Quite a few folks out there would like to sometimes work at home. And they’re probably right about that. There’s something attractive about being able to work at home. But not everyone is willing to give up their current job to do so.
If this is you, take a look at your job. It might be suited to part-time or full telecommuting. All you have to do is get your boss or company to agree to it.
No small task, is it? I know it is easier said than done, but if the company you work for already has a telecommuting policy, that’s probably not so hard to accomplish. However; if your company or boss does not have a telecommuting/work from home program already in place, you’re going to have to convince someone it’s a good business decision.
This means you need to do some research. You need to have current information on why allowing employees to telecommute is a good idea. The general kind of things you would need to talk to your bosses about would be things such as increased productivity and lowered costs to the business. You do not want to talk about how telecommuting would benefit or be advantageous to you personally. Those aren’t important things to your company’s business goals.
You will also need to think about how often you would like to telecommute. Twice or three times a week? More? Less? Or only just occasionally, when the need arises?
What about the equipment you’ll need? How about security issues? How will your progress be monitored? How will you keep in contact with your company?
Fortunately, using the internet and cell phones to keep in contact is often pretty easy. Calls can be made, emails can be sent. Communicating is easier than what it used to be.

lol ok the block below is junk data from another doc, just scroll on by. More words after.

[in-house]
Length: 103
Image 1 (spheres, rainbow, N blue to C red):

As you can see, there are a lot of details you will need to go over to get permission if your company doesn’t already have that telecommuter policy in place. No one said this was going to be easy.
Prepare yourself for objections or your proposal being shot down. If they aren’t used to supervising employees that telecommute, many bosses are quite simply not comfortable with the idea. After all, in the office they can easily check and see what you’re doing anytime. If you’re at home it’s not so simple.
Let’s be honest here. Some companies still won’t allow telecommuting because they aren’t comfortable with it. It is probably not just your boss you will have to convince if you work for a big company, but his boss and possibly the person above him as well. When it comes to corporations these things take time. But please don’t get discouraged. Telecommuting, labor experts say, is a practice that is on the rise amongst the workforce. Also experts say that in 2011 25% of companies considered having a work from home program in place and that in 2012, an increased rate of 44% have already done so.
Talking your current employer into letting you work from home or may be tough, but it can be worth it. Being able to telecommute means you can keep working when you can’t get to the office for some reason, such as a sick child. Telecommuting either full-time, part-time, or over short periods when the need arises, is an important aid to disabled workers who struggle with a commute, and But there’s a definite price to pay in terms of expectations of you when you’re working from home as well as the potential for isolation.
Telecommuting or working from home… Is it right for you?
Only your company and you can determine that.
By P Juarez